Critics of Cobb County’s $314 million deal with the Atlanta Braves moved on to round two on Wednesday, filing a new ethics complaint against Cobb commissioners just hours before their first such complaint was summarily dismissed.
Some skeptics have threatened to challenge the county’s public-funding plan for the Braves’ new stadium in court. So far, though, a coalition of Tea Party conservatives, neighborhood activists, and good-government advocates has confined its tactics to long-shot filings with the Cobb Board of Ethics, generating media coverage but little else.
The group’s first ethics foray, filed by former commission candidate Larry Savage, alleged commissioners violated their oath of office, and therefore the Cobb ethics code, by approving a Braves deal that is illegal and unconstitutional.
The commission exceeded its authority, Savage charged, when it agreed in November to incur new bond debt without voter approval and to impose taxes in new special districts to pay for it. Plans to pay off revenue bonds that will be used to finance the stadium with taxes that won’t be generated by the project, he alleged, will also violate the revenue bond clause of the Georgia Constitution.
The ethics board made short work last night of Savage’s complaint, taking just 26 minutes to convene, approve minutes, swear in two new members, listen to their legal marching orders, and let every member comment. Neither Savage nor county attorney Deborah Dance, who had filed the commissioners’ response, was permitted to speak.
Most members said county commissioners should not be brought up on ethics charges for using their own judgment and following their staff’s legal advice. Savage’s grievances, they said, should more appropriately be aired in the courts.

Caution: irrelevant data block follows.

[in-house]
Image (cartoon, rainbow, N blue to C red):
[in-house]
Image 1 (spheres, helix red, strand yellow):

“He may certainly have recourse elsewhere but it is not here with this board,” board member Darrell Sutton said.
The one dissenting vote Wednesday night came from the Reverend Walter Moon, the commission’s appointee, who said he wasn’t convinced the commission didn’t know beforehand that the special districts could be a problem.
The board’s six other members are appointed by homeowners groups, the elections and civil service boards, county employees, and the Cobb County Bar.
The coalition’s newest complaint, filed by member Gary Pelphrey, alleges eight ethics violations primarily related to the secrecy and speed with which commission Chairman Tim Lee negotiated the Braves deal and orchestrated the commission’s approval of it.
Pelphrey said comments by several board members showed they confused their duty—determining whether the commissioners’ actions were unethical—with the legal obligations of a court of law.
“An offense can be, simultaneously, a violation of the law and of one’s ethics code,” he said. “The ethics code is, by definition, personal, and violations must be considered with one’s own standards, not by some mob majority.”